The Medici Effect – where to find the greatest potential for Innovation

In the book The Innovator’s DNA; by Dyer, Gregersen, and Christensen; one of the five skills of disruptive innovators was Associating, the ability to bring together previously unrelated pieces of information to create something new. This is closely related to the topic of another very good book: The Medici Effect, by Frans Johansson.

Johansson explores the concept of “Intersections” between different fields, industries, disciplines, and cultures and the impact these intersections have on disruptive innovation. For several centuries the House of Medici created an environment where innovation and new ideas flourished, by bringing together the best minds in different fields. Their acts had a significant impact on the birth of the Italian Renaissance.

However, this concept isn’t just a historic one, it is evident in current business trends and in innovative new products. The biggest ideas are rarely contained within one industry or product category. Examples include the combination of computer hardware, software, and music; that led to the iPod at Apple. Many of the most interesting advances in biotechnology are the result of the intersections between medicine, engineering, and the sciences.

Whether you are an individual innovator, or a company working to create an innovative environment, you will be more successful by reaching beyond your own industry and looking for intersections with other businesses, technologies, and markets.

This is not just about adjacent markets, businesses, or technologies; it also includes the combinations of radically different elements to find a productive intersection between them. The more diverse intersections you explore, the higher the chances are that radical innovation will emerge.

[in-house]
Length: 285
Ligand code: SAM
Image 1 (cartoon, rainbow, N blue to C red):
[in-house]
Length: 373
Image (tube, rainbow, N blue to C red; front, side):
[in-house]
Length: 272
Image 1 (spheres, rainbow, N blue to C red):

Questioning & Associating Skills and Innovation

This is the last in a series of posts on the book: “The Innovator’s DNA” by Dyer, Gregersen, and Christensen. They identified five skills for disruptive innovators: Observing, Networking, Experimenting, Questioning, and Associating.

Questioning – In innovation, asking the right questions in the right way, is as critical as finding the answers. If the right questions aren’t being asked, then the answers aren’t going to be terribly useful. The book covers tactics to use to create an environment where the right questions get asked. One interesting point is that it can be very productive to engage in thought experiments where questions are used to either remove or impose constraints. What if an additional constrain were added to your situation? How would you deal with it? What if an existing constraint were removed? What would then be possible? Innovators are always asking why products/services/business models are the way they are, and why they can’t be made better.

Associating – The best innovations often happen at the crossroads between two disciplines. Great innovators are able to connect different technologies or ideas together inner ways, to offer products that have never before existed. Also, some of the best innovators are people or companies that have expertise in multiple areas. For example: engineering and medicine, software and hardware, biotechnology and computing. Great innovators and innovative companies are able to pull together seemingly unrelated concepts to deliver radical results. There is also a great book by Frans Johansson called: “The Medici Effect” which goes into more detail on the power of working at the intersections between different fields.

As an individual product developer, it is critical to build the two skills of Questioning and Associating. As an innovation leader, you must ensure that these two skills are part of the culture you build in an organization to create an environment where radical, disruptive ideas can emerge.

Anyone either leading innovation or working in an organization where innovation is important, should read “The Innovator’s DNA.” The concepts are simple and there is a lot of common sense behind them, but they are also concepts that are frequently forgotten or underdeveloped. Mastering these five skills will add value for either individuals or organizations.